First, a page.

Eddy Current Testing
Near surface flaw detection
By Jim Cox
Material and Test Parameters
One of the historical arguments against using eddy current testing is that it is too sensitive. The signal changes that we might detect during our inspection could be created by some combination of material changes. The possible variables include the material's electrical conductivity, or its magnetic permeability, and/or the geometrical factors that are encountered while performing the examination. With that many possible responses, how do we figure out what really changed?
Conductivity (s) is an electrical property. It determines how well electrons will move through a material. Metals are normally classified as conductors. Theoretically, we could do an eddy current test on any piece of metal.
Resistivity (r) is another term that we can use to describe the electrical properties of a material.
Permeability (m) is a magnetic property.
Not all metals have significant levels of permeability. The permeability value of a metal determines how it will alter a magnetic field moving through it. In metals with high permeability values (carbon steels) the eddy current test process is only capable of detecting material changes that occur right on the surface immediately in front of the probe. Fortunately, the largest percentage of aircraft structures and surfaces are made from non-ferromagnetic materials (i.e., aluminum). This means that the magnetic field created by the coil moves through aluminum easier than if we were trying to inspect a piece of steel with the same test conditions. In aluminum we can detect changes that are much deeper in the material. The normal limit for this test process is about .2 to .3 inches into the nonferromagnetic materials.
The third major test variable is geometry. In surface scanning operations we typically define our geometry response as Lift-Off. This will occur any time that the coil detects a "change in the spacing" between the coil and the material. This type of signal would be created by the operator if the probe were rocked from side to side by just a few degrees. Geometry responses are considered to be a limiting factor in our ability to detect true material changes. Anything that we can do to limit these geometry responses during the test will improve the quality of the test.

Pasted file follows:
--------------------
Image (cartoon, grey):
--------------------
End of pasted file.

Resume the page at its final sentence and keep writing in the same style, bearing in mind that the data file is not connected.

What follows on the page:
1. If the system allows for multiple modes of coil drive operation (absolute, differential, driver/pick-up) then determine which is correct for this particular surface probe.
2. Select a frequency that is within the specified range of the coil.
3. Set the gain control to a setting that is in the low to medium range of its scale.
4. Place the probe on a good (non-flawed area) of the "cal" block.
5. Perform the electrical "balance" or "Null" function provided on the system.
At this time you should see a dot on the screen.
6. Rock the probe slightly from side to side to create a "lift-off" response. You do not have to completely remove the probe from contact with the surface. Note the direction of the lift-off response.
7. Rotate the "phase" adjustment on the system so that the lift-off response leaves the screen directly to the left. This would be the nine o'clock position on a clock. In ECT, we call that screen position "zero degrees" or we say that lift-off is now "on the horizon." Ninety degrees is at the 12 o'clock position and we continue through the range until we reach 360 degrees back at the 9 o'clock point.
8. Keeping the probe in a vertical position, move it slowly over the range of discontinuities on the standard. These will probably be EDM notches that represent cracks. The screen response should be a rapid movement of the dot into the upper left-hand quadrant of the screen.
Once you can verify that you have flaw detection capability then the only issues that remain are how to optimize the signal variation between flaw and non-flaw conditions. You may need to adjust gain to increase signal amplitude from the smaller EDM notches. You might want to alter the V/H ratio to improve the displayed signal-to-noise ratio. Keep in mind that filters can be used in some applications to improve flaw sensitivity but they should never be used with any manually controlled scanning process.
ECT requires trained personnel to understand it and apply the techniques properly. This generic discussion has been limited to detection of near-surface cracking in non-ferromagnetic alloys. However, there are many applications of ECT. Weld inspection, near and far surface crack detection, sub-surface corrosion detection and sizing, material properties measurements (conductivity), hardness measurement, thickness measurements, etc., can all be accomplished when the correct style of probes and techniques are applied.
There are a lot of misconceptions about the limitations of eddy current testing. With the advances in ECT equipment and probe technology that have been achieved in the last few years, it is now possible to apply ECT to many test scenarios that previously could not be handled. Inspection procedures and codes that have been in place for a number of years probably do not address these newer options. The eddy current method, when combined with modern tools and techniques, may actually be faster, cheaper, and even more sensitive to the defined flaw conditions than those other NDE testing processes that are specified or authorized. Even if ECT is not addressed in your inspection criterion, you might want to give it a try.